Earlier, President Biden signed a decree lifting the bans imposed by Trump
The Pentagon promulgated rules overturning the Trump administration’s policy that banned most transgender people from military service.
The rules followed up on a decree signed by President Joe Biden shortly after he took office.
A new Defense Department policy, unveiled on International Transgender Visibility Day, will allow transgender people who meet military standards to enter service with their preferred gender.
The new rules also expand access to health care and gender transition assistance and aim to prevent discrimination against transgender military personnel, Pentagon spokesman John Kirby said.
“Secretary of Defense [Lloyd Austin] is convinced that volunteer forces thrive when they are made up of a wide variety of Americans who meet high standards for military service and that inclusive forces enhance our national security,” Kirby said.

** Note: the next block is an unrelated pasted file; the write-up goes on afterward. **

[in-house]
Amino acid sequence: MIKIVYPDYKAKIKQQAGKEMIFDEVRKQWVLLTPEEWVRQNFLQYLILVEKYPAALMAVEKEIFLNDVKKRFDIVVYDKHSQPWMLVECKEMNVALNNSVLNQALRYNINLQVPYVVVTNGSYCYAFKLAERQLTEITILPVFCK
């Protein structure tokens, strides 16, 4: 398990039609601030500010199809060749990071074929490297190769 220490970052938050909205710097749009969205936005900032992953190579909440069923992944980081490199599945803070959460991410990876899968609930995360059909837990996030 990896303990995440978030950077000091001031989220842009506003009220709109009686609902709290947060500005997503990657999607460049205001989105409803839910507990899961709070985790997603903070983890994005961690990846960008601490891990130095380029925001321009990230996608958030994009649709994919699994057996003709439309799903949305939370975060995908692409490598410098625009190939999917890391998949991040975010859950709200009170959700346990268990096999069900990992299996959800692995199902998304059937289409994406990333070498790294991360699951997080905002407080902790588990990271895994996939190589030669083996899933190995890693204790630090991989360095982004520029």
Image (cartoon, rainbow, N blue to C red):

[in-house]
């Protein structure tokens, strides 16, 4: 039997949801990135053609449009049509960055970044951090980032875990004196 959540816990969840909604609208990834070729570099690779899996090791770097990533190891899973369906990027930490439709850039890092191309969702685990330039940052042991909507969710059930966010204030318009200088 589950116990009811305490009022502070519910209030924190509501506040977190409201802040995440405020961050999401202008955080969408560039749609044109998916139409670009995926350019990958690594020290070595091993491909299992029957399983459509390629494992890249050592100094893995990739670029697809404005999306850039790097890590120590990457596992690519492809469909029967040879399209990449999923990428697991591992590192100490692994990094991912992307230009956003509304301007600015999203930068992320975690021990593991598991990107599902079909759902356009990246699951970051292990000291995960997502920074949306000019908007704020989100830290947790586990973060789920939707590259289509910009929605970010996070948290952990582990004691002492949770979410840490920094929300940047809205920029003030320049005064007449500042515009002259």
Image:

The new rules take effect after 30 days.
Biden’s decree overturned executive orders signed by President Trump between 2017 and 2018 that prohibited transgender people from military service and immediately banned the release of military personnel on the basis of gender identity.
Prior to Trump’s ban, transgender military personnel was subject to the Obama administration’s policies that allowed them to serve openly.
However, in 2017, Trump stunned Pentagon officials when he tweeted that he would end the open service policy and “would not allow transgender people to serve in the US military in any capacity.”
In a statement, the Pentagon recalled that on March 12, Secretary of Defense Lloyd Austin signed a memorandum directing the military to “promote and protect the rights of LGBTQI + people around the world, including in contacts with partner states and multilateral organizations, as well as in planning foreign programs. help “.